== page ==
Tony Smith became Speaker with the backing of Scott Morrison, according to Abbott cipher Chris Uhlmann. Smith's main opponent in the party room was Russell Broadbent, the last of the small group of backbenchers who spoke out against the Howard government's mandatory detention policies - policies since reinstituted by Scott Morrison as immigration minister, and endorsed by the ALP. Had Broadbent been elected as Speaker it would have been a massive fuck-you to Morrison, and to the Labor leadership that embraced the policy. It would have encouraged people who don't toe the line, people with ideas and the courage of their convictions - people who have all but been stamped out of public life by party machines and a compliant press gallery, relegated to the fringes and called "ferals".
The press gallery were happy to raise Broadbent's donations issues, but not smart enough to tease out the full story like this local-paper journalist, nor even wonder why they were set up to look like tools.
The Liberals most disaffected with Abbott are not the moderates. The idea that moderate centrists stab the Liberal Party in the back is a common right-wing trope, pushed heavily by people like Bronwyn Bishop, but there is no proof of it. The Liberals most disaffected with Abbott are the right-wingers who are watching the reality, the possibility, and the very precepts of their low-tax, high-religion, authoritarian program slip away. Support is slipping away from this government without any of the compensating respect that Howard used to attract, and which Abbott promised people like this gullible, whiny reactionary that he too could command respect when they didn't like him.
The Liberals most disaffected with Abbott are conservatives, who have for years looked up to and been organised and sustained by, Bronwyn Bishop. She kept the faith, both for conservatism and for Abbott, and he and they indulged her expensive foibles. When backbenchers started complaining that she was embarrassing them, she expected Abbott to support her. He was embarrassing them too, and he tended to stick by her. Over the last month or so, he equivocated.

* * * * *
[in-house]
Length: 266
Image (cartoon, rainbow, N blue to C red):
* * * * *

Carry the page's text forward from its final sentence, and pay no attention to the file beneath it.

The polls for this government are every bit as dire as they were for the last government, and every bit as stuck, for those who worry about such things. Tony Abbott was never good enough to become Prime Minister in the first place, and never had what it took to turn a difficult position around. All of the savvy journalists, the in-house urgers and party grandees who believed otherwise, have been cruelly exposed. They complain to one another that it's a recent, unexpected development, but it isn't really. It never was. Those people were, and still are, killing themselves.
Scott Morrison has not relied on Bronwyn Bishop to get where he is. She knows he's an opportunist but had been prepared to tolerate him. By standing up to Bishop when Abbott wouldn't, Morrison has displayed leadership credentials that Abbott has clearly lacked. Morrison has knocked off an Abbott loyalist and knocked down someone who made his life difficult in courting the right. Morrison isn't the right's least-worst alternative any more, some sort of speed hump to Turnbull. The prospect that Abbott might stumble is no longer a distant, theoretical prospect, it's the inescapable reality. Morrison is the right's standard-bearer now. He, not Abbott, is the man.
Bishop is furious, but so what? Her fury doesn't count any more. She isn't biding her time, she's out of time. When she refused to applaud Smith she showed that, despite what conservatives claim, she cannot acknowledge anything beyond herself. The contrast with the magnanimous departure of Gillard is striking. Bishop expected to go out on her own terms, not with a thud; the firebrand reduced to just another frail old woman in the departure lounge.
When Abbott and Pyne talked of Bishop in the past tense, they were also talking about themselves in the same way. Abbott will be gone after the Canning byelection. Pyne has passed none of his much-touted reforms and will be gone at the next election. Adelaide will take on the same political complexion as Newcastle or Canberra, while Nick Xenophon will become the moderate liberal champion that Pyne had promised but failed to be.
We're in a political interregnum where the dead lie unburied and where those who now call the shots are under no obligation to stick their heads up. This is a massive change in the power dynamic of the government, and Australian politics generally; to call it "modest" is to have no understanding of politics at all.